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School staff visits students to “Get Fired Up”

For the first time, Madison City Schools staff visited students in their neighborhoods to “Get Fired Up” for the upcoming school year.

In early August, principals and teachers grilled out and distributed announcements in the Hunter’s Chase, Eagle Pointe, Forest Park and Shelton Park neighborhoods, along with Triana Boys and Girls Club.

Triana students attend Columbia Elementary School, Discovery Middle School and Bob Jones High School. Hunter’s Chase students attend West Madison and Rainbow elementary schools, Discovery and Bob Jones.

Students at Eagle Pointe are enrolled at Heritage and Madison elementary schools, Liberty Middle School and James Clemens High School. Forest Park and Shelton Park children attend Mill Creek and Horizon elementary schools, Liberty and James Clemens.

Anthony Graham coordinated “Get Fired Up.” He recently transferred from Heritage to teach seventh- and eighth-grade math at Discovery.

Graham said he presented his idea to Superintendent Dr. Dee Fowler because “I wanted to let the community know that Madison City Schools cares for their children.” One week before the events, Graham went directly to the apartments and handed out fliers and spoke with parents and students.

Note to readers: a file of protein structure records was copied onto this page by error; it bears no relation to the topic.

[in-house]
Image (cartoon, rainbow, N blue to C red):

“The objective was to meet and greet the community in their environment. We cooked hot dogs, had chips and drinks and handed out goody bags filled with books and candy,” he said. “We wanted to let those students know that we are here for them.”

Along with the cookouts, school personnel played football and basketball met many new students enrolling in Madison City Schools.

Kenny Watts with Semper Fi donated $250 for food and supplies.

In a related effort on Aug. 13, manager Joe Cuzzort at Whiskers Men’s Grooming, 7449 U.S. 72 W. in Madison, offered free haircuts to all students in grades K-12 in Madison City and Madison County schools.

The stylists at Whiskers “ended up cutting more than 50 young men’s hair that day,” Graham said. The free grooming “will help build self-esteem and just help out the parents financially because going back to school can get very expensive.”

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The Madison Record digital version – Feb. 8, 2023


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